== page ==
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“[Bleep] you,” he jokingly told Maurice Benard (Sonny) when their two-part State of Mind sit-down got emotional.

When General Hospital castmates Maurice Benard and Dominic Zamprogna got together for one of the former’s State of Mind tapings, the conversation went quite literally all over the place. One minute, Dante’s portrayer would be sharing the story of how his fancy footwork had gotten him cast in the 1992 TV movie The Trial of Red Riding Hood; the next, they were discussing Zamprogna’s tendency to get loud — which, he noted, doesn’t always mean that he’s mad. But…

But, he added, it can be a challenge to stop himself when he goes into “the red zone” and communicate rather than escalate. “What doesn’t feel masculine in the moment is to strip away all that stuff and acknowledge what you’re doing. I did that last night with my kids and my wife [Linda], and the whole night shifted.”

A Lightbulb Moment

The experience was a revelation for Zamprogna. “The world is crazy right now,” he noted. The question is, “are you gonna take out your stress on your loved ones? We save our best for the people we’re not around the most, and we lose our [bleep] on the people that we are around the most.”

In this instance, Zamprogna managed to rein in his emotions. And “the minute I started talking about it… all of a sudden, the warmth comes back in the room, and the love comes back into the relationship,” he marveled. (You can watch the full Q&A below.)

‘Nothing Calmed Me Down’

In Part 2 of Zamprogna’s chat with his on-screen dad, the duo recalled the General Hospital storyline in which Sonny took aim at the undercover cop that he didn’t know was his own child. “Just rewatching it again it gave me chills,” admitted Zamprogna, adding, “I don’t watch stuff that I’ve done and get chills.”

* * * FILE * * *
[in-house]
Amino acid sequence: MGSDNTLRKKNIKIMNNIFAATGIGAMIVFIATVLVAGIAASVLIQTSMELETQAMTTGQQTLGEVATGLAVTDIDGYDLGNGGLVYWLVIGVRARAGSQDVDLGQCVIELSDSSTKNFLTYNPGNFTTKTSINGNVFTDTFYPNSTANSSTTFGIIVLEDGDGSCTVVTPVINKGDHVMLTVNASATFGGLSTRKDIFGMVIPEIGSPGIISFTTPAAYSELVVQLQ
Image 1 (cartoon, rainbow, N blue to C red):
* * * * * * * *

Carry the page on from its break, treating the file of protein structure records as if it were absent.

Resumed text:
Soon, talk turned to the 2013 passing of the actor’s beloved mother. (Told you the conversation zigged and zagged, occasionally going in a heartbeat from jovial to crushing.) Suffering that great a loss, “you feel like your life force has been ripped out of you,” Zamprogna said. “You don’t even know it exists until it happens. All of a sudden, the person who gave you life, who created you, isn’t there anymore…

“I thought I was having a heart attack,” he added.

The worst for him was actually a couple of weeks before his mom died. He was sitting downstairs in his parents’ home in the living room in the middle of the night, thinking, “What do I do? It was such an intense period of my life. I would have to leave work and fly home [to Canada] for two or three weeks straight every couple of days.” Once there, he’d spend every day at the hospital praying for a miracle that didn’t seem likely to come.

Zamprogna tried watching TV, which had often soothed him before. But “nothing calmed me down that night,” he said. “Every single muscle in my entire body was engaged. All at once. And then all through my chest was vibrating.

“I don’t even like talking about it,” he continued, “because I don’t want to feel that way.”

Desperate, Zamprogna called his wife. “She said, ‘OK, you’re probably just having a panic attack. Imagine there’s a warm light coming down from the sky going all through your body… Focus on that.’”

And, more than even the imagery, it was Linda’s voice that reached Zamprogna. As he put it, “It was just her words, man.” (You can watch the talk in full below.)

If, after that emotional story, you need a mental-health break before resuming your day, maybe you can take it with the below photo gallery, which revisits Dante’s life in Port Charles.